31
Dec
09

Top 5 Feel-Good moments from 2009

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4 Responses to “Top 5 Feel-Good moments from 2009”


  1. December 31, 2009 at 2:35 PM

    We told you a couple of months ago about the end-of-the-year list Doug Abrams puts out, picking the five most positive youth sports stories from among the thousands he sifts through every year. This year’s is now out.

    Abrams, by the way, is a University of Missouri law professor, but we think his more notable work is done in the field of youth sports. He is connected with the Institute for International Sport at the University of Rhode Island, has coached youth ice hockey for 41 years and sends out a daily e-mail with several articles about youth sports to anyone who wants to be part of his massive mailing list (AbramsD@missouri.edu).

    He puts together his best-of-the-year list to show “how noble sports can be.”

    In introducing this year’s list, Abrams wrote, “Heroism begins with leadership. Parents and coaches want sports to teach children leadership skills, yet we sometimes forget that young athletes (like the rest of us) learn leadership best when they actually lead.”

    Here are five examples Abrams gives us to show how kids can lead when we give them a chance.

    No. 5: When Weymouth (Mass.) High School girls’ tennis coach John Caterer learned that his wife Laura had breast cancer, he kept the news from the players, who “don’t need to worry about what I’m dealing with.

    “I didn’t give the kids enough credit,” Caterer admitted later. Once the team learned the diagnosis in April, the tri-captains supervised whenever he needed to be with his wife, and the players used pink tennis balls and wore pink wristbands.

    The team finished with a losing record, but one captain said that supporting their coach’s family meant “way more … than a tennis season.”

    No. 4: After 10-year-old goalie Braxton Rel died in his sleep from apparent complications following a tonsillectomy, his Albuquerque, N.M., hockey league held a six-team memorial tournament in March. The Durango (Colo.) Steamers won, and Braxton’s Grizzlies finished fourth.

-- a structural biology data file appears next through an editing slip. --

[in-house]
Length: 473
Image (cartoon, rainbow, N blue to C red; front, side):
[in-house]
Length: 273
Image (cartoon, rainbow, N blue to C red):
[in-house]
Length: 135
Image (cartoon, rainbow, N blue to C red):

When the Steamers’ Kele Steffler accepted his team’s championship trophy, the 10-year-old approached the microphone without prompting and handed the prize to the Grizzlies.

    “We want Braxton’s team to have the trophy,” Steffler told the crowd. “This should be for Braxton.”

    No. 3: In September, all-state running back Thamail Morgan raced toward the end zone for a touchdown in the final seconds. His Cave City (Ark.) High School team led, 34-16, against Yelleville-Summit, a weaker team formed from two small rural schools without enough players for separate squads. Yelleville-Summit was also grieving for a teammate killed in a truck accident two weeks earlier.

    Morgan stopped on the 2-yard line, stepped back, and took a knee on the 5. “I knew,” he said later, “that scoring was not the right thing to do.”

    No. 2: In the sixth inning against Carmel (Calif.) High School in early May, Gonzales High School third baseman Manuel Madrid fielded a grounder and saw the pinch runner on third bolt for home plate. Throwing home would have caught the runner easily, but Madrid turned instead and threw to first as the run scored.

    The runner on third was senior Will Rudolph, whose mild cerebral palsy affects his motor skills, balance and speech.

    “I was going to throw home, but then I realized who it was,” said Madrid, who explained that providing Will a “special moment” in his first game was “the right thing to do.”

    No. 1: When Milwaukee Madison (Wis.) High School senior Johntell Franklin’s mother died of cancer in February, Franklin decided to sit out that night’s basketball game against DeKalb (Ill.) High School but then changed his mind. His name was not listed when he arrived during the second quarter, so the referees assessed a two-shot technical foul against his team.

    When the ref tossed him the ball at the foul line, DeKalb’s Darius McNeal rolled it past the end line. Then he rolled the ball again on the second shot.

    Echoing Thamail Morgan and Manuel Madrid, McNeal said later that he intentionally missed both free throws “for the guy who lost his mom. It was the right thing to do.”
    * * *

    As Abrams gladly points out, “all these players tried their hardest to win, but they remained noble in victory or defeat. This year’s lesson is for parents and coaches: When we guide young athletes and encourage them to lead, the players usually get it right and leave us proud.”

    Thanks for the reminder.

  2. 2 Eric
    December 31, 2009 at 3:59 PM

    It would be nice if these articles were more frequent. I wonder if these are so meaningful because of the positive message they send or because they are the “exception” from all of the negative stories we hear about?

    Happy New Year.

  3. December 31, 2009 at 6:07 PM

    unfortunately, the folks who “do the right thing” are grossly outnumbered by the morons who walk among us.

    Just the same, I’ll take this handful of inspiring stories with me into the new year.

  4. 4 Diane
    December 31, 2009 at 7:33 PM

    ok, I’m a sap – but a couple of these actually brought tears to my eyes! Kudos to the coaches and parents of these kids – clearly they’re doing something right!


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